With New York: thrown for a strike 58.4 percent, with a vertical break of -9.24, averaged 76.6 while being a swing and miss 14.3 percent.
And to gain a better grasp, talk to the pitcher and wait out the generic playoff questions that are good for television filler. The text below is what Wood said to me about that adjustment:
Q: Did you even notice you were doing it?
"It’s not something I would even notice on tape. I feel a difference. It was a small adjustment but it has been a huge adjustment for me. So I picked it up pretty quick, felt comfortable with it and I’ve had success.
"I was aware that I lowered it (the arm angle) and I lowered it on purpose to try and get a better feel for a pitch. Actually I tried all kinds of different things. Lowering it a little bit was the last thing I tried before I got over here and it was the first thing they fixed when I got over here.
"Normally you don’t want to lower your arm any more on breaking balls, but I was trying everything over there."
Q: Did they notice it and tell you before the trade?
"I think they had already seen it before I got over here. I think Dave had looked at video and already seen that. I came in the first day in Tampa and I had only been in the clubhouse for about an hour before the game started, so he didn’t adjust it there.
"We got home the next day and we went out and threw a bullpen and he actually didn’t say anything… But I stopped after I got loose and said ‘here’s the deal, my breaking ball is terrible, this is what’s going on - so I need to work on it.” He was already ahead of me on that page and had the answer for me and we worked on it right then on Day 2 and I just try to stay on top of it ever since."
Q: Why does it even happen?
"We create bad habits. As pitchers and especially when we’re not pitching consistently, we have a tendency to create bad habits and it was just not being out there consistently. I think the consistency of getting out there and being able to feel it and get that muscle memory has helped."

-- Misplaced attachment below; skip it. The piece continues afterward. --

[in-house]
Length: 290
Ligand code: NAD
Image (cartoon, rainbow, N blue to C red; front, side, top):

Q: How long did it take for the adjustment to click?
"It took me probably four, five or six games to get out there and feel the difference and know when I didn’t do it I could feel it and know when I did it why it was good."
Q: Was there a specific outing or at-bat that you first sensed it was working?
"It was probably more of a pitch than at-bat. I threw my curveball for the first time and felt good. That’s probably where everything clicked because I had that pitch back."
Wood did not necessarily expect to be here at the July 31 deadline. He thought if anything he would be traded in a waiver deal but the thrill of being in the same bullpen as Mariano Rivera is surreal.
Rivera is one of the calmest guys in the business and for Wood a similar comparison is Greg Maddux’s demeanor. What makes those guys so calm is they know what they can and what they need to do.
Moving on, Joba Chamberlain has yet to pitch in the series but considering that he is eight years younger than Wood, it is still a little weird for him to see Wood wearing 39 and not 34, which he wore when he struck out 20 Astros in 1998.
In the Twins’ post, the Nebraska connection between Chamberlain and Duensing was touched upon.
"He kind of did everything for us,” Chamberlain said. "He won the Big 12 championship for us that year. He’s just one of those guys that can pitch. He had “Tommy John” and came back and worked his tail off to be able to get back to where he’s at. He just goes out and trusts his stuff."
Chamberlain expanded on it a little by describing his former college teammate as a “great dude, who is real laid back”. He also expressed pride when stating how Duensing and he still live in Nebraska.
"There’s always people that are from Nebraska but don’t always stay there," Chamberlain said. "So it was nice to see him having those roots and pitching. It was fun to see him give up a home run and a couple of runs.
"I’m happy for him today, but tomorrow I hope we score 40 and the day after I’ll give him a hug."